Finally I decided to try an anti-fungal ointment on my eyelids, and voila, relief. It took awhile of daily application but it worked.
    I checked with my pharmacist & she said as long as I didn’t put it into the eye it should be no problem. I use plain saline eye drops without all the extra ingredients in today’s drops because they are very irritating in themselves. I keep a bottle in my purse & at the bedside so I never have to put up with the dryness that I still have.
    This regimen has maintained the integrity of my corneas too.The expensive eyelid cleaning wipes can be replaced by using a cotton ball & contact lens wetting solution.

    I am a Sjogren’s patient and have found that the eye drops and tears that are individually packaged by dose work much better than the ones with preservatives in them. The ones with preservatives actually worsen my symptoms.
    I know I am allergic to benzalkonium chloride and thimerosal and many other people are without being aware of it. Watch out as the thimerosal is also in some vaccines so I am always careful to ask after very uncomfortable reactions in the past. Fish oil also helps and don’t run a fan at night or allow AC or heater to blow directly at you in the car.

    Fifteen years ago, I had several spells of “recurrent erosion” (I would awaken with my eyelid stuck to my cornea – very painful!) and it was finally suggested that I use Bausch & Lomb’s Muro 128 (5%) ointment. I’ve used that every night at bedtime ever since and have not had another episode. For occasional dryness in the daytime, I use Muro 128 drops (ointment in the daytime makes vision too blurry). I take several drugs that cause dryness, so the Muro is a godsend.

    Sometimes I have the feeling that I get a dry patch behind my eye when I sleep. This can be painful in the morning and I put in eye drops and massage my eye to relieve the pain. Maybe I sleep with my eye open to cause this. Anyone else?

    Every morning I wake up with that dry patch. My eyes feel uncomfortable from dry eyes, so I use a good eye drop brand every 1-2 hours as needed during the day. Before bed, I put 2-3 eye drops in each eye and keep closed for 30 seconds. When I wake up, or the alarm goes off, I have trained myself to just gently hold the eyes shut with my fingers, and then slowly open my eyes. It keeps the eye ball from being scratched. I immediately place 2 eye drops in my eyes. You kinda get used to it.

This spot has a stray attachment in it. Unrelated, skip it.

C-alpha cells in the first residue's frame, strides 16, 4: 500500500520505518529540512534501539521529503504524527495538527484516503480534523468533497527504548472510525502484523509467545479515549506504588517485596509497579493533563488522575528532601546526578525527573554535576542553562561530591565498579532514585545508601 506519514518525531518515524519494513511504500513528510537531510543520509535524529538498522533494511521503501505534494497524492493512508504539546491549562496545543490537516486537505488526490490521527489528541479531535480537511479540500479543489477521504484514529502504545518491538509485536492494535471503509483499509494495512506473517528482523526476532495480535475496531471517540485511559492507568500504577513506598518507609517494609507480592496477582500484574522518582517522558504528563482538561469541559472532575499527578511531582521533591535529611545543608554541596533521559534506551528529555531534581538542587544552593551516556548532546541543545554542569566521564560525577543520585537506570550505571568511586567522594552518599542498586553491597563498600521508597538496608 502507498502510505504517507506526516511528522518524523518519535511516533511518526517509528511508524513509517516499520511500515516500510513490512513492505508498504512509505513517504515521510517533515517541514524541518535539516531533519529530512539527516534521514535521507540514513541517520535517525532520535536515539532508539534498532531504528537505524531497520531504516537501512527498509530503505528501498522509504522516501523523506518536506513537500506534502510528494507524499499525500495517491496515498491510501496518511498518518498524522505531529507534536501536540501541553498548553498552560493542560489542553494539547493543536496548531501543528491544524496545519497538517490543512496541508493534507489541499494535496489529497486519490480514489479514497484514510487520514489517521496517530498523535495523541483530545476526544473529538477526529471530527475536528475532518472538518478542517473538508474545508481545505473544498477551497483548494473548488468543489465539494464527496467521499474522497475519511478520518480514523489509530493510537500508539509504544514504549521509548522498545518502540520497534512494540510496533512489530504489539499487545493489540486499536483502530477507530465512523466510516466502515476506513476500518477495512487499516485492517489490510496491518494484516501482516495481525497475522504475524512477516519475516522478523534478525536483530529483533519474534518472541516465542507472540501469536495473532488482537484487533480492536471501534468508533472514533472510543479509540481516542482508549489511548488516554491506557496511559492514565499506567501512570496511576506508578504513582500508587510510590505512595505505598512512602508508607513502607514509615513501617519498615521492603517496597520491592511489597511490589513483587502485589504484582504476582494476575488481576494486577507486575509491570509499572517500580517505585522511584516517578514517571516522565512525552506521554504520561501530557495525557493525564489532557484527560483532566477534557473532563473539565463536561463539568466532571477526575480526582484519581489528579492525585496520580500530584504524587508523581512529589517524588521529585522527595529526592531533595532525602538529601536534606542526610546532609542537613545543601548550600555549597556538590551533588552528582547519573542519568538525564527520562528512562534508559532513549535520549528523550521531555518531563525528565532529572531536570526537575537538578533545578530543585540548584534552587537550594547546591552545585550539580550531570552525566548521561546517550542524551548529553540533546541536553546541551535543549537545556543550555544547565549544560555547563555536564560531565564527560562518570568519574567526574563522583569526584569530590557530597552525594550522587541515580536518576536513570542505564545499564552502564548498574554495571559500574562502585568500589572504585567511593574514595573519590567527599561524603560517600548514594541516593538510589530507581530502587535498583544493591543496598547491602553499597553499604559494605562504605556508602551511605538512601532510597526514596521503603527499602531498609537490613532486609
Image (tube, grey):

I use fish oil capsules for my dry eyes: 3 capsules per day, one at each meal.
    Also, in the past, I used Chinese herbs (traditional Chinese medicine) that included mulberry leaf and got relief that way.

    I have had moderate to mild dry eye for years. One opthalmologist I used to go to strongly recommended lubricating eye ointment. I used it and soon after my eyes were red swollen and unbearably itchy.
    Beleive it or not it took me a long time to figure out it was the eye ointment causing the problem. Then it took a long time to get the reaction to quiet down.
    Pred-forte eye drops worked, but as soon as I tapered off enough the horrible itchyness returned.
    Fnally I went to a dermatologist who prescribed a doxycycline at low dose, and amazingly that is what worked. I have never used any eye medication since then, and hope I never have to as the symptoms were unbearable.
    I have been on fish oil capsules for years and the dry eye is improved and not usually bothersome. I find that driving, especially with the air conditioning blowing toward my face really dries my eyes out, as does a fan. I sometimes use a sleep mask at night if the celing fan is on.

    I have terrible chronic dry eyes. This is from a combination of having Hypohydrotic Ectodermal Dysplasia, menopause, a history of receiving chemotherapy, allergies, and who knows what else. Even with using preservative free eye lubricants many times a day and Restasis twice a day for years as well as taking Dry Eye Omega with D3 twice a day, my condition is not good. I also have plugs in my tear ducts. A few months ago my Ophthalmologist had to remove an area of one cornea that was “wrinkling” and separating from the next layer. I never even knew such a thing could happen. I really fear that my vision will be affected by this condition at some point.

    * Be nice, and don't over share. View comment policy^